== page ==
Cassian interprets the seed of Seth as having an inborn knowledge of divine wisdom. Cassian understands this inborn knowledge to be passed on through all the generations of Seth’s progeny. However, Cassian appears uncertain as to how the transference of divine wisdom among the seed of Seth actually occurs. In Conference VIII. XXI.6, Cassian attributes the knowledge of divine wisdom initially to the propagation of an ancestral tradition based primarily upon worship of the true God and the common good. In this sense, the divine wisdom inherent in the seed of Seth is located in the pedagogy practiced amongst the community. In the next sentence, Cassian continues to espouse a pedagogical understanding of the transference of divine wisdom through a comparative interpretation of the traditions of the seed of Cain,


“But when it intermingled with the wicked generation it fell into profane and harmful deeds that it had dutifully learned at the instigation of demons, and thereupon it boldly instituted the strange arts of wizards, sleights and magic tricks, teaching its descendents that they should abandon the sacred cult of the Divinity and worship and adore the elements of fire and the demons of the air.”[23]

In the above citation, Cassian re-interprets two long standing traditions in Judeo-Christian history. The first tradition concerns the notion, long held in Gnostic circles, of a predestined or genealogical distinction among humanity. In the Hypostasis of the Archons, humanity’s division into three separate classes based upon the persons of Cain Abel and Seth are immutable – one is born into one’s class and by one’s nature alone one attains divine wisdom, gnosis. As clearly as Cassian portrayed the divine wisdom of Seth’s seed as being the result of pedagogy among Seth’s descendents, so too the wickedness/irreligiousness among Cain’s descendents results from teaching as opposed to the nature of a segment of humanity. Cain’s descendents are not entirely responsible for the content of the teaching passed on among themselves and eventually to the descendents of Seth and Cain. Seth’s seed had taught the worship of the true God and maintained a functional society concerned with the welfare of the whole. Through intermarrying with Cain’s descendants, Seth’s seed adopted their teaching and praxis.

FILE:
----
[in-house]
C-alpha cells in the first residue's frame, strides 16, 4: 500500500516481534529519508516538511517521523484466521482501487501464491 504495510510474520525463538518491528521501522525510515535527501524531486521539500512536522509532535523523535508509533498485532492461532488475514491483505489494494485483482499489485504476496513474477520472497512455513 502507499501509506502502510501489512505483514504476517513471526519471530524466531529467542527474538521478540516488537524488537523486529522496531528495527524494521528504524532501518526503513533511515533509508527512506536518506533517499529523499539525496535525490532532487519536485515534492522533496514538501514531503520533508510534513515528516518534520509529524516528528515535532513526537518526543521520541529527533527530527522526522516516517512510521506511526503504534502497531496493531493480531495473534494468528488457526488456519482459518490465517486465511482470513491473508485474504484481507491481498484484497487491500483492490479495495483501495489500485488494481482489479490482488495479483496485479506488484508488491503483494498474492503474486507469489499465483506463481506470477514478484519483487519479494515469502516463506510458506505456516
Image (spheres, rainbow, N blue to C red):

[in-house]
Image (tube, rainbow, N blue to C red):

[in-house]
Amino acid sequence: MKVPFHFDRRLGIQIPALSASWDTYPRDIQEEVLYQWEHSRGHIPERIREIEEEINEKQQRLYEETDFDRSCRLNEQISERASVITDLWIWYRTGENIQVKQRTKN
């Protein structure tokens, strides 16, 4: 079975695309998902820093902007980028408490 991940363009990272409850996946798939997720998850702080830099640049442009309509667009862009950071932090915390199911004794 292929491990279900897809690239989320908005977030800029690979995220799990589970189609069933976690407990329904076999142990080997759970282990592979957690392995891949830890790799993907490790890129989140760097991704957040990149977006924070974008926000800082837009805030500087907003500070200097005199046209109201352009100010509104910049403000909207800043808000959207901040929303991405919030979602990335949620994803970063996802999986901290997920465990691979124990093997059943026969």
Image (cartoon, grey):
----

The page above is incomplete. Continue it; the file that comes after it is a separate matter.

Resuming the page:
The implication running through Cassian’s treatment of the seed of Seth at this point is that the separation between the descendents of Seth and Cain, and the presumed sanctity of Seth’s seed was not the result of theo sperma, but rather the mastery of will and the practice of virtue among Seth’s seed until they were presented with a temptation they could not resist. The reason for the intermarriage between Seth and Cain stemmed from, in Cassian’s words, wanton desire.[24] That Seth’s seed can succumb to vice and receive punitive action from God indicates Cassian’s rejection of the seed of Seth’s immutability and perennial gnosis.



[1] Conl. VIII.II
[2] Conl. VIII.II
[3] ibid
[4] ibid
[5] ibid
[6] Conl. VIII. III. 1
[7] Conl. VIII. III. 2
[8] Conl. VIII. III. 3
[9] Conl. VIII. III. 4
[10] Conl. VIII. III. 4
[11] John Cassian. The Conferences. VIII. III. 5
[12] For a literal description of demonic entities attacking ascetics in the desert, see Life of Antony.  Origen’s treatment of the role of principalities and powers seems to influence Cassian’s description of Germanus’s question. See De Principiis IV.1
[13] Once again, Origen phrases essentially the same question earlier in De Principiis IV.3
[14] Conl. VIII.VII.3-4
[15] Conl. VIII.VIII.3
[16] John Cassian. The Conferences. VIII. XX.
[17] John Cassian. The Conferences. VIII. XXI. 1
[18] John Cassian. The Conferences. VIII. XXI. 1
[19] John Cassian. The Conferences. VIII. XXI. 2
[20] John Cassian. The Conferences. VIII. XXI. 2
[21] John Cassian. The Conferences. VIII. XXI. 2,3
[22] John Cassian. The Conferences. VIII. XXI. 4
[23] John Cassian. The Conferences. VIII. XXI. 6
[24] John Cassian. The Conferences. VIII. XXI. 7
copyright: the author
English translation from Boniface Ramsey's edition in the Ancient Christian Writers Series by Paulist Press